Outdoor griddle cooking is fun. It’s a family reunion, a meetup with friends, and a time of delicious meals!
And while it’s smooth sailing most times, griddle cooking can turn sour – if you don’t pay attention. Imagine a kid runs up to you, looks at those delicious burgers, and by impulse grabs one? OW! That’s a burn – and now the whole cookout’s taken a sad turn.
So, learn to avoid things like flare-ups, burned trees, and food poisoning. We got all you need in this guide for you to stay safe.
Propane is a stable heat source for outdoor cooking. Its output is precise – totally controlled by the dials – and it can even reach temperatures of 60 thousand BTUs on the 36” Griddle!
But like any other fire, you need to be careful. Take these measures each time before cooking:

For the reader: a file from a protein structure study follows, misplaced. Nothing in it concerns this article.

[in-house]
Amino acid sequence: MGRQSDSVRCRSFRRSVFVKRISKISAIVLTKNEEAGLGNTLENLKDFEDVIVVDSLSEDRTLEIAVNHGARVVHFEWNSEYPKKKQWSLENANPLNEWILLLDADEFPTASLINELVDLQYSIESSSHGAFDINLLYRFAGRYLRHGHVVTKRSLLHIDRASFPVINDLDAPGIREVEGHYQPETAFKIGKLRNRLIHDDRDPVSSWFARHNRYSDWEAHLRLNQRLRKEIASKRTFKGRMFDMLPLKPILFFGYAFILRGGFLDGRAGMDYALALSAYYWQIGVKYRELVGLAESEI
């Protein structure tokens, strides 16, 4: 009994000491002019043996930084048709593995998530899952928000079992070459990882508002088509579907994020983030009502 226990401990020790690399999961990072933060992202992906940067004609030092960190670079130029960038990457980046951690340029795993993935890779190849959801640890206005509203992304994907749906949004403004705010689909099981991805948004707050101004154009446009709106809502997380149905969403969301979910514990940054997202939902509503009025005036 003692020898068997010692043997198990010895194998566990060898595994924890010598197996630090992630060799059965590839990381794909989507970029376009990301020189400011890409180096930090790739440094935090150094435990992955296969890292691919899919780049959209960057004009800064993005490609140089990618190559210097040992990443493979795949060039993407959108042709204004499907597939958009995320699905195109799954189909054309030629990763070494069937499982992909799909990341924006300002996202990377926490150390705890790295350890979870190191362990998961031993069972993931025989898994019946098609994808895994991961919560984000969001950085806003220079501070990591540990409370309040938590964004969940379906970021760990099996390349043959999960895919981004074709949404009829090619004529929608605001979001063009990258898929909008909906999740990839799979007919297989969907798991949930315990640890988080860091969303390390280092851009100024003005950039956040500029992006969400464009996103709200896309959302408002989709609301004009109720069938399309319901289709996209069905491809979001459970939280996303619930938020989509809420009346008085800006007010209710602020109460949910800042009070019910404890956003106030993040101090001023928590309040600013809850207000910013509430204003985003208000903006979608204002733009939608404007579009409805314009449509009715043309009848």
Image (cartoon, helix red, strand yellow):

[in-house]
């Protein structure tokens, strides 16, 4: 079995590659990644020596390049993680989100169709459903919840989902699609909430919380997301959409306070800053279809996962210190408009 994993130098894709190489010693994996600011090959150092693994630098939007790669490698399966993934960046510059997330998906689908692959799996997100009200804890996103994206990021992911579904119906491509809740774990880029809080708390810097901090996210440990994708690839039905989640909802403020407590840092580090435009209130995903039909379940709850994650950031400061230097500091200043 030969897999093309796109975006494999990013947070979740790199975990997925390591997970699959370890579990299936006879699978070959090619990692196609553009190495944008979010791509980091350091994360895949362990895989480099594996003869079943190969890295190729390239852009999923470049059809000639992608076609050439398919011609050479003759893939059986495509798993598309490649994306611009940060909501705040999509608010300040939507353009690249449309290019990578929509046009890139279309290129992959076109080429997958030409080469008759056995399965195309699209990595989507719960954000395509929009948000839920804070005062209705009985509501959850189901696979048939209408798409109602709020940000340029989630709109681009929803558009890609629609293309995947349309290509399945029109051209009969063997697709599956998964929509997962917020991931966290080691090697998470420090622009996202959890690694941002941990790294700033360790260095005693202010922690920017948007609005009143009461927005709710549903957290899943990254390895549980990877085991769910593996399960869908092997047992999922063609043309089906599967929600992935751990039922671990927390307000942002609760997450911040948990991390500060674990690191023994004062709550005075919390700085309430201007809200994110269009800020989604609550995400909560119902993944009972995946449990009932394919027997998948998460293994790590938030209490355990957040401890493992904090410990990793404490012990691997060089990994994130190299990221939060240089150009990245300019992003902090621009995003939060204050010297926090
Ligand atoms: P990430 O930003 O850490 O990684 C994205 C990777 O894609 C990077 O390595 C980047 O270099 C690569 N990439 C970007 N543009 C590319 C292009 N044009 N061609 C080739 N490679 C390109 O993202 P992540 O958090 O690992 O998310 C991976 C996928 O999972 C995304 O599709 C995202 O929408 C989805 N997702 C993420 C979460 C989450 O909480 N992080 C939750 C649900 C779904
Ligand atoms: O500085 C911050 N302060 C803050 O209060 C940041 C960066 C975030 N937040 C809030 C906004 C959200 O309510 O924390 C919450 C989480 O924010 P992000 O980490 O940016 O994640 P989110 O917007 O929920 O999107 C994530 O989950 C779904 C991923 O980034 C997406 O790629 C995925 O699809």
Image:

- Always check for leaks before usage. Simply mix soap and water in a cup (half each) and then brush it on all connections of the propane tank – including the hose.
- Turn on the propane tank. If bubbles appear that means you’ve got a leak.
- In case of a leak, shut off the propane tank and contact your supplier.
- If the bubbles continue appearing, contact your fire department immediately. Don’t try to move the propane tank or the griddle. Throw a damp cloth on top of the connections for safety.
If you are certain the propane tank has no leaks, that means you can start cooking. Another problem is, sometimes when you open the tank, turn the heat control, and push the igniter – you don’t get a flame.